A group of Weber State University students conducted a study last semester about the links between personality traits and Facebook usage.
Crystal Garcia, Corbin Standley, Kaitlin Staker and Lyndsi Drysdale surveyed 194 participants from introductory psychology classes at WSU to gain a better knowledge of the inspirations and feelings associated with Facebook usage and postings.
Standley, who graduated Summa Cum Laude with a Bachelor of Science degree in Psychology, graduated in May 2015 and now works as a Research Analyst for Neuro-Oncology at the Huntsman Cancer Institute.
“As a group, we were all interested in exploring personality traits and how they relate to Internet usage,” Standley said. “I’ve always been interested in human behavior and the mind.”
The students worked alongside assistant psychology professor Shannon McGillivary. During the study, the group was able to find links between certain personalities and the types of people with these personalities post to their Facebook page.
Since personality differences in terms of frequency of Facebook use have been studied broadly, the group wanted to narrow the study down to what compels someone to post certain things to their page.
“We looked at the personality trait of narcissists,” McGillivary said. “We also looked at the big five personality traits.”
The big five traits, including openness, conscientiousness, extroversion, agreeableness and neuroticism, can easily be found with a number of questions about what compels a person to participate in certain actions such as posting a selfie on social media.
“One of the main things we were interested in is what motivates people to engage in certain things,” McGillivary said.
The group discovered that narcissists, who tend to be more self-loving, post to Facebook frequently because they want others to know how great they are, said McGillivary.
On the contrary, introverts tend to post the least amount of information or opinions on Facebook.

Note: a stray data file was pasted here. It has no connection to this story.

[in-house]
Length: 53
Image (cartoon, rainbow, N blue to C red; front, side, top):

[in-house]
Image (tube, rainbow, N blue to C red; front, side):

The results found that people who have more self-absorption are more likely to become upset when a person removes them as a friend. On the other hand, outgoing people were less likely to unfriend individuals.
Surprisingly, persons who scored in the openness personality trait were more likely to unfriend someone based on a controversial post.
“This was one of the most counterintuitive findings of the study,” McGillivary said. “It makes sense, however, since more open [minded] people tend to not like closed-minded individuals.”
Additionally, participants who fell into the big five personality traits felt stunned when they were unfriended.
In terms of narcissists in general, the group found that this personality trait is more likely to post more than once a day or things that he or she finds imperative, regardless of the importance of the post itself.
“We found that people of neuroticism, those who are more emotionally unstable, were just on Facebook to play the games,” McGillivary said.
This, according to McGillivary, is a distinctive trait of addictive behavior.
Six months after surveying participants and gathering data, the findings of the study were presented at the Rocky Mountain Psychological Association, the WSU Undergraduate Research Symposium and the Utah Conference of Undergraduate Research.
“Because of the popularity of Facebook, we knew the study would yield interesting results,” Standley said.